|Chelonoidis donfaustoi Poulakakis, Edwards & Caccone, 2015|
The taxonomy of giant Galapagos tortoises (Chelonoidis spp.) is currently based primarily on morphological characters and island of origin. Over the last decade, compelling genetic evidence has accumulated for multiple independent evolutionary lineages, spurring the need for taxonomic revision. On the island of Santa Cruz there is currently a single named species, C. porteri. Recent genetic and morphological studies have shown that, within this taxon, there are two evolutionarily and spatially distinct lineages on the western and eastern sectors of the island, known as the Reserva and Cerro Fatal populations, respectively. Analyses of DNA from natural populations and museum specimens, including the type specimen for C. porteri, confirm the genetic distinctiveness of these two lineages and support elevation of the Cerro Fatal tortoises to the rank of species. In this paper, we identify DNA characters that define this new species, and infer evolutionary relationships relative to other species of Galapagos tortoises.
|Chelonoidis donfaustoi Poulakakis, Edwards & Caccone, 2015|
Eastern Santa Cruz Tortoise
photo: Gisella Caccone || PopSci.com
Class REPTLIA Laurenti, 1768
Order TESTUDINES Linnaeus, 1758
Family TESTUDINIDAE Batsch, 1788
Genus Chelonoidis Fitzinger, 1835
Chelonoidis donfaustoi sp. nov. Poulakakis, Edwards, and Caccone
Common name: Eastern Santa Cruz Tortoise. To distinguish the two extant lineages now recognized on Santa Cruz Island, we also propose to substitute for the current common name Chelonoidis porteri from “Santa Cruz tortoise,” which inappropriately subsumes both lineages, to the “Western Santa Cruz tortoise” to more clearly distinguish these two, distinct taxa.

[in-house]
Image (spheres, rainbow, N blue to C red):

|Fig 6. A-E.: The skull of the museum specimen UWZS 32700, holotype for Chelonoidis sp. nov. from Cerro Fatal in Santa Cruz (A: dorsal, B: ventral, C: occipital, D: frontal and E: lateral view).|
Holotype: Below we provide the morphological description of the skull from the designated C. donfaustoi holotype. This morphological description is not intended to diagnose the new species, but to clearly describe the specimen. Anatomical terms follow Gaffney (1979). Specimen UWZS 32700 is a skull (Fig 6A–6E) and single carapace marginal scute. The skull is nearly equal in basicranial length and maximum width (Table 5). The quadratojugal broadly contacts the jugal anteriorly and narrowly contacts the postorbital dorsally. Anterior edge of maxilla is rough. Posterior edge of maxilla does not extend past the contact of maxilla to jugal. In lateral view (Fig 6E) the squamosal is only narrowly visible dorsal to the quadrate and is not visible posterior to the quadrate. Dorsally the squamosal only narrowly contacts the opisthotic (Fig 6A). Contact of the pre-frontals to the frontals is broad and V-shaped, with the pre-frontal extending posteriorly forming the majority of the medial margin of the eye socket. The parietal extends nearly as far dorsally as the pre-frontal extends posteriorly and bisects the frontals. Maxilla contact with pre-frontal extends dorsally and is visible when the skull is viewed dorsally. Preootic is wider than long and does not extend posteriorly much beyond the foramen stepedio-temporale. Supraoccipital extends posteriorly well beyond the squamosal. Contact between basisphenoid and basioccipital is V-shaped with the lateral contact extending posteriorly. Vomer does not contact basisphenoid. Palatine bone much longer than wide. Prefrontal visible ventrally making contact with the palatine and vomer.
Diagnosis: The new species can be diagnosed by a combination of genetic, morphological, and geographic distribution evidence.